First; for all I have said about feature functionality, it is of course important. Feature functionality gets solved over time. A product starts with a light core set of functionalities and over time and through user interaction a rich suite of functionality emerges.
What I believe corporates will be looking to buy into going forward, is a distributed trade network; a network that once they have permissioned themselves into, contains all the capabilities they require in order to manage their balance sheet to its optimized point. A network where all the corporates counterparties are present and services delivered by network participants that bring new business perspective. A network where trade finance models and solutions are easily accessible and more importantly can be safely tested for veracity, and where value is clearly and accurately expressed.
Does such a network exist today, in any industry? maybe in industry and definitely in nature as described in the excerpt of the article from journo Robert Macfarlane in The New Yorker magazine, August 2016: “The implications of the Wood Wide Web far exceed this basic exchange of goods between plant and fungi, however. The fungal network also allows plants to distribute resources—sugar, nitrogen, and phosphorus—between one another. A dying tree might divest itself of its resources to the benefit of the community, for example, or a young seedling in a heavily shaded understory might be supported with extra resources by its stronger neighbours. Even more remarkably, the network also allows plants to send one another warnings.”
I am no David Attenborough but what is described above is a highly intelligent network. If I had to distil the essence of a highly functioning network it would be that it informs itself. A highly distributed network with a vast array of participants, all adding to and using the network to create and renew data in real time. A trade network that informs itself and makes that information available to any participant permissioned into the particular transaction at hand is precisely where Trade can and will migrate to.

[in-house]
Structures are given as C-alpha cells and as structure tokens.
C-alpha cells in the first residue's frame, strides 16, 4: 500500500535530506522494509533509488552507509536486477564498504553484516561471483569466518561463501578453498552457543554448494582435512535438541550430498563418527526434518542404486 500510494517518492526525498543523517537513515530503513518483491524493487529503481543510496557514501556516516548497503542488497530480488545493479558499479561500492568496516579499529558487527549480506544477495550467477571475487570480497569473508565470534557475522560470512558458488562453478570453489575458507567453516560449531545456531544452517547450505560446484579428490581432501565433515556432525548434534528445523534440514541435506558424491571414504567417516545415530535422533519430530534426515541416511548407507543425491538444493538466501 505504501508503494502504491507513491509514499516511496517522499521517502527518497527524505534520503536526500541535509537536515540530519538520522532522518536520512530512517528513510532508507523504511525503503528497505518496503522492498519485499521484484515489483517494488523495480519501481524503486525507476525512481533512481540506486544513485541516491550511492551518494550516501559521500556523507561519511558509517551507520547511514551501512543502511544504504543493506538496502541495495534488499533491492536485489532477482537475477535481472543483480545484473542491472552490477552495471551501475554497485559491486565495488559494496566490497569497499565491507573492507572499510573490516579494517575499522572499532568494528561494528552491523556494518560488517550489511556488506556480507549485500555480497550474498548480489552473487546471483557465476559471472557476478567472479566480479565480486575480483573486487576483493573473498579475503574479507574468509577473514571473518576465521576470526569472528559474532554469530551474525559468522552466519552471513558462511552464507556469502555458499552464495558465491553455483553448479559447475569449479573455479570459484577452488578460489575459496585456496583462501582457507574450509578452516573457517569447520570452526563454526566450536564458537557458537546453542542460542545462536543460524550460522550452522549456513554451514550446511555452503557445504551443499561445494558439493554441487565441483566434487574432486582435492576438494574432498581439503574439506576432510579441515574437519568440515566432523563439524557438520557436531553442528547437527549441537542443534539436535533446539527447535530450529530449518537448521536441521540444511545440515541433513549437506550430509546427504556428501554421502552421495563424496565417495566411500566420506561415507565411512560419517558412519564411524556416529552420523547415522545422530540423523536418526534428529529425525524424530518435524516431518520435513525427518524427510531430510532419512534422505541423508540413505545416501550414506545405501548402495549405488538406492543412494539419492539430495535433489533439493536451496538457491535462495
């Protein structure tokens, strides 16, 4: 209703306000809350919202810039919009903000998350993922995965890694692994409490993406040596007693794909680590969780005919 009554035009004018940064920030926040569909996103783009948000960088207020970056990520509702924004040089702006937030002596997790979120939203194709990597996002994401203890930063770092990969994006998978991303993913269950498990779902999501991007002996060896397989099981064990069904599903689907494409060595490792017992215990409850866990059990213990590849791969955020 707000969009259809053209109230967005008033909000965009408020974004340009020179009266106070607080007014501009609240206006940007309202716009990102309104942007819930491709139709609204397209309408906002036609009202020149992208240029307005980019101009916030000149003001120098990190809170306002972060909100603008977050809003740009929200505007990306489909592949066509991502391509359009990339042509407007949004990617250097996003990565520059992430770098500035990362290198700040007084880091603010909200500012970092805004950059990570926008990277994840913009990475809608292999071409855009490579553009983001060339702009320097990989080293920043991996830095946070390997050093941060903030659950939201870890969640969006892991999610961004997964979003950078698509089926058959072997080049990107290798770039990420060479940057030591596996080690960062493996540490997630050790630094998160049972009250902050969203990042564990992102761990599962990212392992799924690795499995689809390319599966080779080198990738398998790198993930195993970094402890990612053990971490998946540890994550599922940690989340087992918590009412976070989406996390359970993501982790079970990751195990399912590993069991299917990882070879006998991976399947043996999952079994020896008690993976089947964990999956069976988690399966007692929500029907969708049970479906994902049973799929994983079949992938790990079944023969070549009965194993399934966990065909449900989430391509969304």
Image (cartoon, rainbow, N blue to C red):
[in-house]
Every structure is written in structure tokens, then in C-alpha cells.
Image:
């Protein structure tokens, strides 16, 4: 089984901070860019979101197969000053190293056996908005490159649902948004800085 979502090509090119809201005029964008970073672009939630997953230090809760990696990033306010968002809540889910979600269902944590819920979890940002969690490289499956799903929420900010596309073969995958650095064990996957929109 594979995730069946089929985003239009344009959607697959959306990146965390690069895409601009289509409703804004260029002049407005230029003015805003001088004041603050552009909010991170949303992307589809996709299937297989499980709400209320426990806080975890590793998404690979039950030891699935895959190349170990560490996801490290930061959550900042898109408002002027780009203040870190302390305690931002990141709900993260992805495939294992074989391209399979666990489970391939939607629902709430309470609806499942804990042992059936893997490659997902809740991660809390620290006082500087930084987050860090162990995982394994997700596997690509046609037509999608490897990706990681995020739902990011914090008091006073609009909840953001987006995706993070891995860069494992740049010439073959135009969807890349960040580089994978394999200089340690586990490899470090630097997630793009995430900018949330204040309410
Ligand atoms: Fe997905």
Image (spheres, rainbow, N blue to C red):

Trade finance needs an intelligent network operating in a frictionless and informative manner; not so much for its own growth and modernization, as important as that most definitely is, but for the transformative effect it will have on businesses, production and manufacturing globally.
The ability for any business ecosystem to share data in an enriched and transparent fashion amongst participants, with the added confidence that Trade Finance will support their activity by efficiently allocating capital at any point in the cycle with innovative data backed financing, is the step forward all of Trade Finance knows it can and must take. Get ready for the Trade Finance digital revolution, as profound as the Industrial Revolution.
About the author
Eugene Buckley is Head Business Development – Asia Pacific for TradeIX. He joined from Standard Chartered Bank where he was the Head of Trade Innovation and Alliances.
He established PrimeRevenue in Australia in 2003 and in Hong Kong in 2012. Previously, Mr. Buckley spent time within the working capital and transactional divisions of JP Morgan Chase and was seconded to establish and grow Chase Manhattan JV, Intelisys, in Australia. He was instrumental in the establishment and growth of Qvalent, a subsidiary of Westpac Bank, delivering accounts receivable outsourcing and procurement solutions.